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Palpitations/PVC/VT while running?
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Palpitations/PVC/VT while running?

I'm a 30 y/o male, in great shape, run/lift daily, eat right (low caffeine/alcohol/fat/cholesterol consumption), low stress. Born with WPW, which was successfully ablated in 1996. No recurrence of tachycardia since.

While running, and especially while swimming, I often experience what I assume to be PVCs (uncontrolled stopping/flipping sensation in my heart). Sometimes I'm able to continue running and work through the irregularity, but on other days my heart beats so wildly that I have to stop running and walk instead. I would say that on a good day, I have maybe 5 events (isolated beats/sensations) while running; on a bad day--such as when I can't keep running--I experience several hundred strange beats.

I've had all kinds of cardiac workups done at reputable hospitals. EKG is normal sinus rhythm, ECHO is normal, holter monitor didn't turn up anything too alarming, and two-week event monitor captured many palpitations while running, which my cardiologist later classified as benign.

Needless to say, given my history of WPW and tachycardia, I'm hypersensitive to anything going on in my chest, and am very concerned when I experience palpitations/PVCs with such frequency while running. Events seem to be totally unrelated to my diet, rest/stress levels, or general physical or mental condition. Since my cardiologist didn't order a stress test or EPS, I have basically resigned myself to living with the daily nuisance of irregular heartbeats. But are there any other tests out there that might help diagnose the problem? Can anyone recommend anything? Does anyone have similar experiences? Thank you!      
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Avatar_m_tn
Hello,

I can totally (emphasizing: TOTALLY) relate to you. I am in the exactly same situation. The only difference I can see is that I have never had WPW, but an Atrial Flutter. Although I had a unsuccessful ablation, I keep having lots of PVC while running and swimming - which I like to do everyday.

I am glad you are 'resigned' to the situation, that means you are able to move on with your life, which is the right thing to do. I -- on the other hand-- just feel extremely depressed all the time.

Like you, I have bad and good days. Good ones means five-ten PVCs while running; a bad one means-- I don't know, hundreds of them. I know it is scary.

But you already had an event monitor which registered benign palpitations, so there is nothing to worry about. I think that's the best diagnosis you could get. And since you have a normal structured heart, the best you can do is just ignore them. That's what my EP always says: just pretend they are not there.

After several months living with PACs and PVCs while running/swimming (at least trying to), I have come to a few conclusions. Sleeping well, for me, is the best help, even though not always it stops my heart to act like a carnival drum.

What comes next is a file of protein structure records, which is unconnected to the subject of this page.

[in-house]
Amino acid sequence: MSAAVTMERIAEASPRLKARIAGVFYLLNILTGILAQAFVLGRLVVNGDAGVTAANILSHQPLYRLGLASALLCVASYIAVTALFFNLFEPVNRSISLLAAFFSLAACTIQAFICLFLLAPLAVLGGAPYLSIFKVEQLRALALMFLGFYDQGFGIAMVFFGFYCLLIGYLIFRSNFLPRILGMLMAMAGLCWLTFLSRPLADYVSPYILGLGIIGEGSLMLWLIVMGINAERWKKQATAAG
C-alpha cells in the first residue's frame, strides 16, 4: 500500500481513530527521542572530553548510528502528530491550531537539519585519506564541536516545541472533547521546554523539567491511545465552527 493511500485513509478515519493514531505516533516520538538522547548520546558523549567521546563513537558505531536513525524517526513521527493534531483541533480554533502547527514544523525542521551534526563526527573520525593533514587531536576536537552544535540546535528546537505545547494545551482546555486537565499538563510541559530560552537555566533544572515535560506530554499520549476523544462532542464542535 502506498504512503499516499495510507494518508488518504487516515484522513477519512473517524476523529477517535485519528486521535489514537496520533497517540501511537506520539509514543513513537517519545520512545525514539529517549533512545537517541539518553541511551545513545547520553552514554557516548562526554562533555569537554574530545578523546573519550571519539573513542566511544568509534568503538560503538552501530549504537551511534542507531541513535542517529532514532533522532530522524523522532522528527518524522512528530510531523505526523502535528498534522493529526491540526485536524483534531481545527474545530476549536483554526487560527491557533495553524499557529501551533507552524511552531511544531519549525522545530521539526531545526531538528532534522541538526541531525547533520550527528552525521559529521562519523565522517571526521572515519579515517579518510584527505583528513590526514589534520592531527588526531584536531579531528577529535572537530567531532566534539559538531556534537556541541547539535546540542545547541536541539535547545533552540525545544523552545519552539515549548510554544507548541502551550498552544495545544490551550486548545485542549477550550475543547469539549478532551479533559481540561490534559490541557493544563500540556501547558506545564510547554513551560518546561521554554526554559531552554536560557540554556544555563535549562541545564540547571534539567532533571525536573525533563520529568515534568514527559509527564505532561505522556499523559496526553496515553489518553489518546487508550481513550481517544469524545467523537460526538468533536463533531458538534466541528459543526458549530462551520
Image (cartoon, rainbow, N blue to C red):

I try not to eat so much. I avoid to run or swim in cold weather - for some reasons low temperatures tend to make my symptoms worse: one day I entered in the pool and the water was very cold.. well, I started having bigeminy of PVCs. I thought I was going to die, but, as you should know already, it never happens.

I try not to make vigorous exercises when I'm stressed. Running with extra adrenaline running in my blood doesn't help. I've noticed I usually get few PVCs when I'm in peace with myself, though I get depressed as soon as they show up, oh well.

People say eating apples and bananas help too because of the potassium/magnesium or something like it. Drinking water and keeping myself always hydrated is important - having a Gatorade after your running is a good choice.

I am sorry I wrote that much, I just felt a little happier knowing there's someone going through a such similar problem. The most important thing to do is jut to know you are OK, these symptoms are harmless and just enjoy your life.
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Avatar_m_tn
Correction: I said I had an "unsuccessful" ablation but obviously I meant successful. That was a Freudian slip. :)
Oh, just to mention: I'm a 20 y/o male, no drink, smoke or have caffeine at all, exercise every day, eat perfectly. Yes, life is unfair.
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61536_tn?1340701763
I would ask for a Holter monitor and exercise with it on so you can see for sur what these events are.  Myself, I experience PACs while exercising.  On a great day I can get through 30 minutes of exercise with none, on a bad day I can have a few a minute.  There's no rhyme or reason, and it's quite frustrating.

See my post about fish oil though, supposedly regularly taking it can reduce arrhythmias.  But definitely ask for the Holter.  I have, and we've done it three times in the past year and a half, for certainty.
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1406172_tn?1281199898
I am going through the same thing. I have had this for the last 2 years and I am going to get a Holter monitor this Wednesday, I have been told that it is because of anxiety - which could be true but the only thing that makes me anxious is my heart fluttering. I felt the need to write because of the comment on fish oil capsules - I would not reccomend taking them, I tried this because I saw that it strengthens your heart, but it made my symptoms worse, also vitamins are unregulated and never a good option if you can get the same benefits through food.
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